How changing your market can save your product

How changing your market can save your product

The other day, I was picking my daughter up from a birthday party. The father of my daughter’s friend is an arborist. He makes his living pruning and caring for trees, and he’s owned his own business for 12 years.

During our conversation he told me his business story. His first few years in business were really tough. He’d grind and grind and grind, but wasn’t earning a substantial amount of revenue.

And then, he found his solution. He changed his phone number.

You see, up until then he’d focused his marketing efforts on his local market. Unfortunately, most the town’s residents were retired farmers. They’re DIYers: if their trees need pruning, cutting or care, they do it themselves.

But 20 minutes away, there is a very affluent suburb. Most of the residents are executives. They don’t have time to care for their trees; they need someone to do it for them, and they have the money to pay for it.

So, he switched his phone number to a number local to that suburb. He opened up a PO box there as well. And he started advertising in their yellow pages (this was 10 years ago), and their local paper.

The result? Almost 95% of his revenue comes from this suburb.

Looking at it in hindsight, it seems obvious: go where people need your service, and have the money to pay for it. But so many of us keep grinding it out in the wrong conditions.

Why your product isn’t generating sales

  1. Wrong product – this is the worst case scenario. No one needs it (or wants it), and thus, they’re not willing to pay for it.
  2. Good product, wrong market – this is a little harder to determine. How do you know if your product is good? Try a different market. My arborist friend switched to an affluent market, and got way better traction. Take your product to a different audience, and see if it works.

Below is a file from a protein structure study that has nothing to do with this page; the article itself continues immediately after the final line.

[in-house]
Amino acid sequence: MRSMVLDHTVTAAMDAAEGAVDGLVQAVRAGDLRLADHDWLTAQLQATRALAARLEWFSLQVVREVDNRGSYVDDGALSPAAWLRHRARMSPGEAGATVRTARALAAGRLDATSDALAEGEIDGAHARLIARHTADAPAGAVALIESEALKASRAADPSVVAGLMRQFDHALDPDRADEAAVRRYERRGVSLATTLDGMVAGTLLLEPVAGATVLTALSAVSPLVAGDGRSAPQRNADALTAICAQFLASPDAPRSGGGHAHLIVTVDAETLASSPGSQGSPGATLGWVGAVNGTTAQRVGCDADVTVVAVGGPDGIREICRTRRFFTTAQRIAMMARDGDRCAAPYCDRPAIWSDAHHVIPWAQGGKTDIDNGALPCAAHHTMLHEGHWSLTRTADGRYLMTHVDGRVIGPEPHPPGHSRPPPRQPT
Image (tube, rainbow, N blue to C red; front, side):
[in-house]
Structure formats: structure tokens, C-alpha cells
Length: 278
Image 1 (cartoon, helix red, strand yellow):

3. Good product, wrong positioning. Sometimes you’ve chosen the right market, but you haven’t positioned your product correctly. Is your product priced right for your audience? Is your marketing copy speaking their language? Does your product need different branding or design?
  4. Good product, no channels. Sometimes you have a product people want, but there are no strong distribution channels you can use to reach the customer.
  5. Good product, bad funnel. It’s also possible that your process for taking people from anonymous website visitors to paying customers is broken. Maybe you’re asking for the sale too quickly. You might need to create multiple touch points before someone buys. Maybe you have a freemium model, and you need to switch to a more traditional sales model.

I’ve seen these tactics work in the software industry. One of my SaaS clients were toiling away in the B2C market for years. Their product was $19/month, and just wasn’t profitable. They decided to change markets. They focused on B2B sales, cancelled their freemium plan, and raised the price to $99/month. Revenue took off.

Still grinding it out? Before you throw in the towel: it might be worth tweaking your product, and offering it to a new market.